I have a very dear French friend, Meena, who went through one of the most powerful experiences of forgiveness I have ever come across.

When she was still in her late teens, she fell head over heels in love with a man just a few years older than her. They got married and had two beautiful, lively and intelligent children. However, the marriage soured and Meena felt she could no longer stay in it. She contacted a lawyer, despite strong opposition from her husband.

At one moment, she had to go to a clinic for a health problem, and asked her lawyer to be sure the divorce papers would not arrive at her home while she was absent. She was adamant about this, and the lawyer promised this would not happen. However, the very day she entered the clinic the divorce papers arrived at her home! Her husband tried in vain to reach her at the clinic by phone.

That night, he turned on the kitchen gas and committed suicide, taking the two children along with him. Later during the night, the electricity, which has been disconnected in the whole region, was put on again. A lose spark created an explosion in the gas filled house, and everything burned down. In one night, Meena lost her beloved children, her husband and absolutely everything she owned on earth – everything.

She was at the time an atheist living in a very rational, cartesian intellectual environment. In her own words, “I had no religion to which I could cling, no therapist who could empathize with the violence of my suffering : only the solitude of my suffering, crumbling inner defences and a bewildered ego which was falling to pieces.”

Meena embarked on a seven year journey of inner and outer exploration, travelling all over the world in her stubborn search for a reply. And seven years later, in Benares (India), facing the cremation fires along the river Ganges, she suddenly realized that the bodies she was beholding were only carcasses emptied of their essence and soul.

In an instant, she understood everything: her children and their father had been the catalysts of her inner awakening. “The miracle of grace descending into my heart. My living faith without dogmas or belongingness. A spiritual awakening”. And at that very moment she experienced the inner core of what forgiveness is really all about: it is a discovery of the GIFT that is hidden behind the trial, i.e. taking back the responsibility of what is happening to us, without any accusations towards people or the outside world.

So if there is no more guilty party, whom should one forgive? Again in Meena’s own words, “To forgive means thanking oneself and thanking the other. To forgive means coming out from duality and discovering that we are one with out co-creators”.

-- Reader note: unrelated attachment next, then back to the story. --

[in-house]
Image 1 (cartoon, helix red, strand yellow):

The ultimate moment of forgiveness happened for Meena in May 2010, when she organized a simple ritual with her close friends in homage to her children and their father. At one moment, facing the portrait of the man with whom she had shared the best and the worst in her life, she was as petrified. When facing his portrait, looking deep into his eyes, she suddenly understood that in her situation, there had never been victims or a perpetrator, only soul contracts that had been accepted by all before coming on earth. Rivers of tears were transformed into gratitude – it was as if she remembered this past contract.

Just at that moment, a friend of hers in the room who is a medium says to Meena: “I have a message from Robert. He says: ‘Finally you have understood! You remember. THANK YOU’. Then, adds Meena, I have this vision of his face which has become so luminous and of the children in the background, smiling and saying ‘We came to advance you on your spiritual path, as agreed upon.’”

For Meena, that was the ultimate gift. True forgiveness. And she concluded by saying “What is there to add but GRATITUDE.”

For me, Meena’s story is amazing. It has so many layers. And it stresses so clearly that forgiveness is first and foremost a gift we make TO OURSELVES, the gift of living without resentment, guilt or remorse. And that when we have understood that each person on earth is at each moment at his or her highest level of consciousness, we can no longer ever, ever judge. So forgiveness becomes a way of looking at reality and includes what for me is the most challenging form of forgiveness: forgiving oneself!

First appeared as a guest blog on The Forgiveness Project website.

Pierre Pradervand

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